Given the title of this blog, I’ll start with something that could be considered radical. Higher Education shouldn’t be free. Controversial? Maybe. But certainly a point of view that is held by many in the student movement although isn’t always heard.
Most would agree that there isn’t sufficient funding for the sector and that extra income has to come from somewhere. Some Vice-Chancellors think it should come directly from students through unregulated and variable fees. By contrast the National Union of Students (NUS) thinks it should all come from public money through taxation of the rich. Like a clichéd politician, I think there is a middle way that is both fair and funded.
The argument against free education is this; it’s not free! Graduates are obviously good for the economy and society and there is some mileage in suggesting that Universities and individual degrees should be government subsidised. But the money has to come from somewhere and do we really think it’s fair to ask the majority of general taxpayers who didn’t directly benefit from Higher Education to completely pay for those who did?
It’s not unreasonable to suggest that those who directly benefit from the system should make a level of contribution to the costs of their degree given the potential return after they graduate. Clearly there is a debate as to where the level is set but any contribution is an acknowledgement of a duty to put something in for what you get out. It might go some way to combat the culture of knowing ‘the price of everything and the value of nothing’.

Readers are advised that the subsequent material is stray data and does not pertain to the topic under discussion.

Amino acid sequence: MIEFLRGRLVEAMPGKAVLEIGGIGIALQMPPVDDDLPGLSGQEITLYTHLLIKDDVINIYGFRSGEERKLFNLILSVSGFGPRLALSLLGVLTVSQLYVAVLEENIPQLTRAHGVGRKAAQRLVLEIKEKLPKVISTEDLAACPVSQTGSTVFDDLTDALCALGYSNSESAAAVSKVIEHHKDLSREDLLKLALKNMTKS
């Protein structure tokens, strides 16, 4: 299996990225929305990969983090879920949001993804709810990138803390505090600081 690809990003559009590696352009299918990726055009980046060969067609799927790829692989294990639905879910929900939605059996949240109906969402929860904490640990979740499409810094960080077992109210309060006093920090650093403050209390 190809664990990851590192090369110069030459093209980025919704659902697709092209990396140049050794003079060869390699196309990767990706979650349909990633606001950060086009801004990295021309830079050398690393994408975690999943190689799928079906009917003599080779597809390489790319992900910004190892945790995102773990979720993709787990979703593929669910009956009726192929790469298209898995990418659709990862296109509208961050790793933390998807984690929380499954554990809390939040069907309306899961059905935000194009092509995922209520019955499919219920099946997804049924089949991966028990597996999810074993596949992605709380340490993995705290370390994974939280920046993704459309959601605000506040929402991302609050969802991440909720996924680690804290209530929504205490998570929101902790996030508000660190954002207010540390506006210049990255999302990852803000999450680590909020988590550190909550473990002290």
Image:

Asking students to contribute to the costs of their degree is not a simple venture and with it come some serious caveats. We must recognise that for some in our society, any kind of contribution is not possible. At that point we must champion and prioritise the maxim that entrance to University should be based on your ability to achieve and not on your ability to pay. Otherwise we will price people out of a degree and more often than not they will be from lower socio-economic backgrounds and low participation neighbourhoods. If we are to be serious about widening participation in our Universities then we need to assure that there is funding for those who can’t afford to pay.
Some proponents of free education assume that it is the only way to make education fair. The virtue of free education is that it enables access for all. But asking some students who can afford to pay fees whilst paying for those who can’t afford it through grants and bursaries is also a system which enables access for all. Surely we can imagine a society in which those who can afford to pay study alongside those who cannot? Isn’t that Socialism 101? ‘From each according to his ability, to each according to his (or her!) need’ provides for a system that is fair but also properly funded.
That doesn’t mean there aren’t problems, but they are with the implementation rather than the theory. If fees are set too high and are not perceived as value for money, students who are required to pay will think twice before applying because of the debts associated with university life. Furthermore it is no use providing grants, bursaries and scholarships for students who aren’t required to pay if they are not aware that they exist. With the advent of £3000 fees we are already seeing that Universities are under-spending on their provisions for bursaries, not because there aren’t enough students who need them but because many are not aware that they are eligible.
A system of contribution will not be fair and will not enable access for all until issues like this are addressed but resorting to pipe dream lobbying for free education isn’t the answer. We can make Higher Education both fair and funded by asking those who can, to contribute.